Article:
This amazing true crime story shows the utility of visual recognition of family resemblance, by children and adults, as a forensic tool. What was it about the way the sisters look that gave the clue that one was the missing sibling stolen as a newborn from a South African maternity hospital? Facial resemblance? The way they moved? Their expressions? Body shape? All of the above?

http://www.theguardian.com/world/2015/feb/27/mother-reunited-stolen-daughter-17-years-after-snatched

 

It’s more than just face recognition

You would have to be a fool to think that the abilities of super-recognizers are limited to face memory and face recognition. I strongly suspect that another part of the parcel of ability is the highly sensitive recognition of body language, and by that I mean the total package of facial expressions and head and body movements and probably the associated vocal expressions that is characteristic, but not completely unique, to a person. Of course, these things are intimately linked with the static appearance of the face, and very often when I detect two individuals who have a strikingly similar physical expressive personality they will also have faces that are similar in many ways. My point is, that faces and people are not static objects, and judging super-recognition with tests that use photos probably does not begin to explore the total package of ability.

Not often, but now and then I’m struck and fascinated by the resemblance between the expressiveness of a person I know and some famous person, and also sometimes the similarity can be seen between famous people. One example would be when I was watching the Australian comedian Wil Anderson being interviewed in the One Plus One TV show. In this show he was much more animated than his usual TV appearances, probably because his style of comedy requires a quite cool, straight face, while in the interview he was responding to personal questions and was recounting personal stuff. I was struck by how much his expressive personality or body language seemed the same as the Australian comedy and straight role actor Garry McDonald AO. Do they have similar faces also? I think when you remove the differences in age and hair and facial hair and acting roles, there is a basic facial similarity, but I feel that it goes beyond that. There’s more to it than mere eyes and noses and mouths.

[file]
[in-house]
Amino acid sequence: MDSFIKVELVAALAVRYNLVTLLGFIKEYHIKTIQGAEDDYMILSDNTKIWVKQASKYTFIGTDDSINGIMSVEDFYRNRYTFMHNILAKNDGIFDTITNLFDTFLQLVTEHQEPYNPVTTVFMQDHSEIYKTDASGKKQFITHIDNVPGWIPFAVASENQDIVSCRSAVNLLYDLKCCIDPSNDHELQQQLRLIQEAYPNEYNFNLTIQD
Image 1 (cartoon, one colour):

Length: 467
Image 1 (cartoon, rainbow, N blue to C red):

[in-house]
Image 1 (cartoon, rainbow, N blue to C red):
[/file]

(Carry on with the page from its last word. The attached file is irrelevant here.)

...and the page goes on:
Perhaps you are wondering how researchers could test my proposition that supers are also specifically and separately super at recognizing or interpreting body language, without mixing up face recognition and body language recognition? I guess one could use computer generated images of human silhouettes or outlines as was done in this interesting piece of research about the ability to judge sexual orientation from body language. I’ll bet supers would gun such a test!

 

The same face? The same young lady?

Face recognition, face identification, face matching, call it whatever you like, the question of whether some photographs are records of the same face (at different ages) is central to solving a long-argued and fascinating mystery about the famous author Lewis Carroll. My first impression, as a super-recognizer, is that the mystery photo is of the same young lady. As a super-recognizer I look at the whole face and feel whether it is the same person whose face I have already become familiar with. As a logical person who who understands that a proper investigation involves looking for any evidence that potentially could disprove a proposition, I would like to spend more time looking individually at all of the facial and body features in two photos to see if they match or have clear differences that cannot be explained by the effects of age or other possible alteration, just as the people do in this documentary.

http://iview.abc.net.au/programs/secret-world-of-lewis-carroll/ZW0302A001S00